Here is a man whose IMDB profile is gaining greater heft than his Wikipedia footballing one. The recent Tamil moneyspinner, Bigil is ostensibly a film about football. Vijayan makes an appearance – but as a middling ‘rowdy’ who is bumped off before the interval. Typically, he laughs it off. “When they cast me in Bigil, everyone thought I would play (actor) Vijay’s father or at least the rival team’s coach. But I knew my part. Everyone was surprised when they saw my role but it’s okay, I’m thoroughly enjoying it.”
Reminded by that colleague, the more urbane Raman Vijayan plays a commentator in the film, Vijayan’s knowing guffaw grows louder. “You know my first film, Shantham in 2001, by Jayaraj sir, I was the hero. That won the National award. Whatever follows can never be matched, so I’m actually okay with it.”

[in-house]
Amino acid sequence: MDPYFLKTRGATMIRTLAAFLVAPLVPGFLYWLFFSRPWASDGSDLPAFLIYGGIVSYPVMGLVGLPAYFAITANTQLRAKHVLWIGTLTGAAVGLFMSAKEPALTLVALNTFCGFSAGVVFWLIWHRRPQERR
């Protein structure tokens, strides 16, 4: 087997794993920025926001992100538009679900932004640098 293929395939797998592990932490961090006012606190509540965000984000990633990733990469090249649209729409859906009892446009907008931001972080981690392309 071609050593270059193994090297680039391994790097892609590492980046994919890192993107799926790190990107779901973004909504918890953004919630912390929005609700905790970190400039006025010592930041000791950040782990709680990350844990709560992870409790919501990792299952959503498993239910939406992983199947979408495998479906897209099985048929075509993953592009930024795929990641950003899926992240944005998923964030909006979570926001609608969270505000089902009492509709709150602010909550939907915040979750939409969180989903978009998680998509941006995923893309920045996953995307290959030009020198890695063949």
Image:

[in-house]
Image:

You wonder about the much-feted current new age Malayalee cinema that liberally uses football as a metaphor – FC Barcelona shirts and references to Messi abound. Still, as the narratives straddle cosmopolitan aspirations and old-world Kerala ethos, there seems no room for Vijayan in it. “How many movies on football can you make in a year,” he reasons. “There was this one much-loved that broke all records. Sudani from Nigeria is close to every Keralites heart. That should stay.”
Then he adds, “Don’t worry, there’s a football movie with me in the works. This lockdown put a halt to it, we’ll resume soon. I play a football coach, my son is assistant coach and it’s got Pepe (Anthony Verghese of Angamaly Diaries fame) in it. Called Aanaparambile World Cup, think of it as my biopic. Wait for it.” As he signs off, you realise more than anyone, IM Vijayan deserves one.